How to Become a Research Manager in the US

Research managers oversee the work of professionals engaged in research projects. They develop the standards for the project and ensure researchers have all the supplies they need to successfully complete the work. To become a research manager, you should have an advanced degree, extensive research experience backed by strong leadership skills.

What do research managers do?

Research managers can work in a variety of fields. For example, they could work as market research managers in the business field managing the work of market researchers, or as natural science research managers in the science field overseeing the work of various scientists.

Irrespective of area of specialism, their duties generally include:

  • Liaising with clients (project owners) to understand their objectives
  • Selecting or hiring the researchers to engage in a certain project
  • Identifying all the required supplies and coordinating their acquisitions
  • Developing research strategies—Involves deciding on the most appropriate research methodology
  • Ensuring researchers adhere to relevant regulations and policies
  • Resolving any challenges that might arise during the project
  • Assessing the need and benefit of a research and development activities in an organization
  • Supervising fieldwork activities such as collection of data
  • Developing systems to track ongoing projects
  • Managing finances by ensuring research activities are executed within the allocated budget
  • Writing research reports and presenting findings to clients

Work environment

Research managers typically work from 9am to 5pm, Monday through Friday. However, when research activities are conducted over the weekends, they may be present to handle any queries.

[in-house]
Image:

While market and education research managers mostly work from their offices, natural science managers spend most of their time in laboratories or field sites. Depending on the nature of the research project, they may need to wear protective clothing while at work.


The table below shows the annual average salaries for different types of research managers in the US.


Average annual wage

Market research managers


Natural science research managers


Technology research managers


Sources: Payscale,BLS,

Entry requirements

The first step to becoming a research manager is earning a business, scientific or engineering degree. The degree level depends on the field in which you want to work. For example, if you want to become a market research manager, you should secure a bachelor’s degree in marketing. If you want to manage scientific research projects, earn a master’s degree in physics, chemistry, biology or any other science field.

The next step is to find a basic research job, gain vast research experience and work your way up.

Important skills and abilities

To become a successful research manager you should have:

  • Superb research skills
  • A high level of attention to detail
  • Good analytical and problem-solving skills
  • Strong administrative skills
  • Good interpersonal and communication skills
  • Good project management skills
  • Strong analytical and research skills
  • Good communication and presentation skills
  • Good teamwork skills
  • Good time management skills

Career development

After becoming a research manager, you should work toward earning a graduate or postgraduate degree to improve your competence and career progression prospects.

You can also join professional associations in your industry to access alternative career development opportunities, such as seminars and training workshops. Examples of associations for research professionals include:

  • Association of Clinical Research Professionals
  • Marketing Research Association
  • American Educational Research Association
  • Computing Research Association

Job opportunities

As a qualified research manager, you can be employed by:

  • Government agencies
  • Research institutions
  • Manufacturing firms
  • Trade unions
  • Colleges and Universities
  • Corporate firms
  • Consulting firms
  • Engineering firms

According to the BLS, there will be a 7% job growth for management occupations between 2012 and 2022 – slower than the 11% average for all jobs. This means job opportunities will be scarce. It takes a genuine interest in conducting research activities and the drive to earn advanced qualifications to break into this profession.

With vast experience and advanced qualifications, you could be hired as the chief executive of an independent research center or a technical consulting firm.


Image: UW-Madison